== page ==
Either way, I've sure wasted a lot of virtual ink on what is going to be a marginal position in the big scheme of things.

But it proves one thing. This Senators team is on the right track if everyone is only worrying about who's going to be the sixth and seventh defenseman.

A good sign.

Saturday, September 25, 2010

Patriotism Run Amok

Canadian hockey snobbery apparently has no bounds.

"Nationally, 53 per cent of the respondents in a survey commissioned by the Montreal-based Association for Canadian Studies said they agreed with the idea that Canadian-based NHL teams should have a minimum percentage of Canadian players."

- Ottawa Citizen
Could you imagine if these cave-dwellers (in some fantasy Harper-land) actually had their way? Sorry Peter Regin, you can't play this year because you're not a Canadian. So that means you make the team this year, Francis Lessard.


Wednesday, September 22, 2010

Clouston Throws Open Door For Lehner

In a very significant quote (scored by the Sun's Don Brennan), Sens coach Cory Clouston layed it right on the table by saying if rookie goalie Robin Lehner keeps playing as well as he has, it could force the organization to keep him in the NHL at the expense of one of their established goalies (ie; Brian Elliott).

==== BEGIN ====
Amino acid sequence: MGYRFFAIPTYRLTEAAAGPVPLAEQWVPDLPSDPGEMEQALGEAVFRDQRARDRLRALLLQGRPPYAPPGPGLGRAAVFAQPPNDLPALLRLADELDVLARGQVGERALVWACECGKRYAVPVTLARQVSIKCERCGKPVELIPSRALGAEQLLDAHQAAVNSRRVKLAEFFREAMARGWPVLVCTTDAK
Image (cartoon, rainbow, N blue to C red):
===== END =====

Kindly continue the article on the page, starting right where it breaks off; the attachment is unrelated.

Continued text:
Here's the quote from Brennan's article:

"If he keeps playing the way he did (Tuesday) night, it would be pretty hard to not have him here... That obviously gives us opportunities to do different things, but that's a question to (GM) Bryan (Murray), that's not a question to me. ... I mean, he can't do anything more than he did last night. So we'll play it game by game, and if he forces us to do something we never maybe envisioned at the start of camp, then that's a positive thing for us and the organization. That gives us a lot more depth in a position that obviously is very, very important."

Sure, writers and talk-radio hosts have danced around the subject but I don't think anyone really suggested that Lehner had a realistic chance at staying in the NHL this year.

Yet there it is in black and white, straight from the coach's mouth.

Lehner supplanting Brian Elliott is now a possibility. Queue the goaltending controversy.

And that controversy won't be doused by Elliott's tepid performance tonight in Toronto in his first action of the season (rebounds continue to haunt him). But... insert cliche here: "it's only the pre-season". Yadda yadda yadda. You know the routine. You can't bury Elliott because of one bad game in training camp. Anyone who does so is really jumping the gun.